R.I.P. Marta Russell

Although few in the domain of accessible technology may have known of her work, we lost a powerful and unique thinker in the field of disability and inclusion this week with the death of Marta Russell. Russell’s book, Beyond Ramps: Disability at the End of the Social Contract is a clear-eyed analysis of the political economy of disability. Her continuing work applied the same theoretical lens, insisting that a civil rights approach by itself could not possibly undo the dollar-driven dynamic of exclusion experienced by people with disabilities. We strive to improve the economic arguments in favor of accessibility, whether by reducing the costs of inclusive features or via market-efficient public policies. Her voice, though at a distance and now silenced, was always a challenge.

Posted in News | 1 Comment

Accessibility Continues Its Climb Into Mainstream Media

Gizmodo is a leading tech blog, a long-time go-to spot for what’s new in the world of technology and what it means. They’ve just added a sub-blog called Abler, whose tag line we love: “All technology is assistive technology”. Go read the fresh articles about exoskeletons, 3D-printed prostheses, and why Vancouver is banning doorknobs, all with a distinctive art-and-society point of view.

Posted in Building the culture of accessibility, Theories, models, frameworks | Leave a comment

Another Step In Computer Vision

Welcome the Structure Sensor — a device you attach to your iPad that lets you capture 3D objects in space automatically. That is, move it around the object a bit, and it begins to appear as a 3D model that can be saved and manipulated in other software. Imagine a blind user equipped with one of these, moving through a room and having furniture, doors, and probably eventually people called out. Watch the video and see if you don’t want to sign up for a $350 pre-order.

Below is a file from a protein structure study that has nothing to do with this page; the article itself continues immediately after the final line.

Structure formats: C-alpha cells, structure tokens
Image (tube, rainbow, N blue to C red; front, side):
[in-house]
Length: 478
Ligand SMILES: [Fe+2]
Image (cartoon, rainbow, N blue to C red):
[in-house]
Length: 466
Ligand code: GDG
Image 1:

Posted in Blind, Computer vision, Just plain cool, Personal management and self-care, Software, Transportation | Leave a comment

Going Steadier

Liftware is a new gadget that reduces the effect of hand tremor. Hand-held, it detects your tremor and compensates for it by counter-moving its attachment (such as a spoon). Could it one day have a stylus attachment, to improve performance with touchscreens or small keyboards?

Posted in Controls: number, size, spacing, force, Dexterity impaired, Hardware, Personal management and self-care, Size, weight, stability, grip | Leave a comment

Buzz Me In

Travel site Triposo has a new fashion accessory for you and your smartphone: the Travel Belt. Its 4 vibrating motors buzz at your waist to give you turning and walking directions to your destination. This saves you from constantly consulting your smartphone or looking uncomfortably disoriented. It might make independent travel easier for people with cognitive limitations or deaf-blindness.

Posted in Blind, Cognitively impaired, Deaf, Hardware, Redundant output, Transportation | Leave a comment

Now, Here’s Some Savvy Consumer Advocacy

A group of folks have started a campaign to get Netflix to add audio description to more of its streaming videos. What’s so savvy?

  1. They recognize that the studios that create the videos have a role to play, not just Netflix — the accessibility value chain.
  2. They provide clear, simple steps for visitors to take, letting them join the campaign easily.
  3. They use the tools others have built (such as a list of studio contacts), including Netflix’s own accessibility feedback form.
  4. No haranguing.
Posted in Building the culture of accessibility, Content, Entertainment, Market drivers, Network | Leave a comment